River runs deep for Redgrave: Interview

Britain's four-times Olympic gold medallist is at it again. After a brief respite he is rowing to uncharted waters at Sydney 2000, reports Richard Edmondson
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It is numbing daybreak on the Thames, and at the Leander Club in Henley there is ice on the oars. As it does seven days a week, Steven Redgrave's Mitsubishi Shogun truck arrives in the rowing club car park.

Redgrave appears as amused as a pall bearer when he enters the boathouse and collects his solo craft. He carries it on his head to the waterside, scull on skull if you like, and sets out on a 20- kilometre row which prefaces a punishing session in the gym. There are 1,349 days to the Sydney Olympics.

To most, this would be a regime of the asylum, but it is not to Redgrave. And he is the one with four Olympic gold medals. "I've been doing this for 20 years, longer than most people have been doing a job," he says. "This is my job."

Since the Atlanta Games and that repetitious scene in which someone slips a necklace with a gong over his neck, Redgrave has enjoyed four months off, the longest sabbatical he has had from the sport since he took it up as a 13-year-old. During that time he persuaded first himself and then his family (he bribed his two young daughters with lollipops) that he should attempt to complete the Olympic rings at the dawn of the millennium.

The break was not cruel to him financially. Redgrave and his coxless pairs partner, Matthew Pinsent, have received sponsorship not too far removed from pounds 1m from the finance house of Lombard. In addition, Redgrave, in particular, seems to have clambered on to the celebrity escalator saved for those who gain a wider public recognition. He has opened shops and offices, he has encroached into Will Carling territory by delivering motivational speeches. He and Pinsent have also received payment for judging a Fairy Liquid washing-up competition (which serves Nanette Newman right for being no good at rowing).

The holiday gave Redgrave an interlude from the training treadmill he had grown to detest. Near the end, though, an awful realisation came into his head. He was missing it all, missing the morning scrape of frost from his vehicle windscreen, the shattering work-outs on water and with weights. "I missed the routine I used to hate," he says. "The very thing I was looking forward to stopping I missed.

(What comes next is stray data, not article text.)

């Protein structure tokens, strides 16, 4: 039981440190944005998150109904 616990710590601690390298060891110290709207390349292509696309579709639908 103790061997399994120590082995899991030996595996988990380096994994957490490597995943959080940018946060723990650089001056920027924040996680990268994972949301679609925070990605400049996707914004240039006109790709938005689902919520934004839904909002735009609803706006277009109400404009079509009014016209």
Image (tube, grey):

"I've always been told that with an endurance-based sport like rowing you've got to train all the time, and my principle has always been that if you miss one session you might be tempted to miss another and it could spiral from there.

"When I came back [at the beginning of December] I felt good to start with, but in the third week I went on to circuit training in the weights room and that really opened my eyes to how much fitness I had lost. I was struggling. In one respect it was pleasing with the realisation that what I've been doing over the last 20 years has been the right thing."

The two decades have been outstanding, but then so is Steve Redgrave's rowing story. Had he not been born close to the banks of the Thames, it is unlikely the comprehensive-educated builder's son would have taken up his swanky sport. Rowing is odd in that it is a pursuit in which the ideal is to travel backwards while looking at your opponents. In this way it is similar to tug-of-war and politics.

It is a sport which could have been invented for Steve Redgrave when he was born 34 years ago. He is 6ft 4in tall and weighs well over 16st, not much of which appears to be sagging off him in great fleshy pockets. This not-to-be-messed-with physique is complemented by a drive and determination which can be quite spooky to those who do not possess something similar. The oarsman looks after this chassis, drinking alcohol very rarely. If you ask if he smokes, he reacts as if you have suggested he puts molten lava in his mouth.

This armoury first earned him gold at Los Angeles in 1984 and he subsequently named his Marlow home - which he shares with his doctor wife Ann and their children - after the winning venue of Lake Casitas. Redgrave and one of his confederates from the coxed four that year, Andy Holmes, went on to further success in the coxless pairs in Seoul. In between came reports that the two men were maritime chums in the same bonded fashion of Peter Pan and Captain Hook.

"We never hated each other, but the only reason we knew each other was through rowing," Redgrave says. "We were two work colleagues who never had an argument about rowing, though we nearly had a fight in the early 1980s when I tackled him during a game of five-a-side.

"We used to meet at 7.30 in the morning, do two sessions per day, and finish at two o'clock. And then they used to say it was odd that we didn't socialise as well. Anyway, you don't have to like the man you're rowing with."